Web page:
Yesterday the Farm Sanctuary aided in the rescue of a chicken that would have otherwise been part of the sacrificial slaughter during the Jewish ritual of kaparot. They tell us the chicken was saved in Crown Heights, and later named Chesed, meaning mercy or loving-kindness in Hebrew. He joined the over 200 other NYC chickens the organization has rescued from this ritual over the past three years.
The rescuer was Brooklyn resident Wayne Johnson, "who witnessed a massive kapparot gathering at a seminary in the Crown Heights neighborhood of Brooklyn on Saturday night. At 9:30 p.m., a large truck transporting approximately 2,000 chickens, packed four to a crate, arrived at the seminary. A long line of people waited to purchase chickens for $13 apiece, which they then swung over their heads while reciting a prayer before taking them over to a table where a butcher slit their throats with a knife. Around 11 p.m., a man shoved a chicken into the arms of Johnson, who had made it known he did not approve of the inhumane ritual, and told him he could have the bird. Johnson gladly accepted the frightened chicken and took him to his Brooklyn Heights home to await safe transport to Farm Sanctuary’s shelter in upstate New York. Halfway through the subway ride home, Johnson says the chicken began to relax and nestled into his arms."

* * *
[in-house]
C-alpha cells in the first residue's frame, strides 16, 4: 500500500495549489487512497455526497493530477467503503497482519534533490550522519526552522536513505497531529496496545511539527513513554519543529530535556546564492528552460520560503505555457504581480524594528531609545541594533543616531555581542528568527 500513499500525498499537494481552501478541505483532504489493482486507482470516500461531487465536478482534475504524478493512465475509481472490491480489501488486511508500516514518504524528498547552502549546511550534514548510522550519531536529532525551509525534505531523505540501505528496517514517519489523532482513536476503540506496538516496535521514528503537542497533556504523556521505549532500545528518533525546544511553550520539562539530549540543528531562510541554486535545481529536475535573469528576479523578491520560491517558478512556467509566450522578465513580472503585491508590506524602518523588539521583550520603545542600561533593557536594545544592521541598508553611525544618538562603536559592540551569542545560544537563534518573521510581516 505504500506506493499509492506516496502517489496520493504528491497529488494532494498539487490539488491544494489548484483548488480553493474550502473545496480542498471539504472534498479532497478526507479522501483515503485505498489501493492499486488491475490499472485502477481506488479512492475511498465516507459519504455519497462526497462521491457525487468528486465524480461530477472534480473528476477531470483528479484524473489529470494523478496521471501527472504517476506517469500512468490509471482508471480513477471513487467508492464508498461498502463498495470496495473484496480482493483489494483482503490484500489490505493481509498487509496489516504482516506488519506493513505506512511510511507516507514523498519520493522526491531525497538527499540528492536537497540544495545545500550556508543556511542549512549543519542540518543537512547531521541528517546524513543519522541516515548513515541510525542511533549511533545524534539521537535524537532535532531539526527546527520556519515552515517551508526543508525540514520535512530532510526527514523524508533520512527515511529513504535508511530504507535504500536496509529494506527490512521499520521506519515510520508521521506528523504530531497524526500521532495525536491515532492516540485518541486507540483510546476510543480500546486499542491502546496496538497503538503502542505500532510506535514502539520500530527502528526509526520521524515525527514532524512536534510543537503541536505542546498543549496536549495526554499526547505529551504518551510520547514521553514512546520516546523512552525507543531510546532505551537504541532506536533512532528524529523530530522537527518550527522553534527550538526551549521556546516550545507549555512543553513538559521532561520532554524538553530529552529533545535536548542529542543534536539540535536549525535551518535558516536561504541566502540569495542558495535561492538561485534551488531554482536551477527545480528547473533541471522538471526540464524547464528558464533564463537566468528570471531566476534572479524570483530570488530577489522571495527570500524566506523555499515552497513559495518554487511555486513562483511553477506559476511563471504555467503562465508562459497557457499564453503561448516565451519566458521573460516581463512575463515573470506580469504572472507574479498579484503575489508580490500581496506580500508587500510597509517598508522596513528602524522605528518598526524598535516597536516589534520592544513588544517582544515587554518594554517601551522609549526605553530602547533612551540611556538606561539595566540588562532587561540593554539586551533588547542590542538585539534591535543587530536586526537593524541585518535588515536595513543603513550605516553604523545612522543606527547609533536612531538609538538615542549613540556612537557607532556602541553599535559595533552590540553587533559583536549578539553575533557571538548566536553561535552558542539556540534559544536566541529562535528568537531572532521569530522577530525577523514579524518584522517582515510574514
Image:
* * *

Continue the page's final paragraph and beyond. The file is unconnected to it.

It's a kaparot miracle! The Farm Sanctuary's executive director says, “Saving Chesed is in keeping with the true spirit of Yom Kippur. [His] life will serve as a reminder to the thousands of visitors who come to our sanctuary that all life is deserving of mercy and loving-kindness.”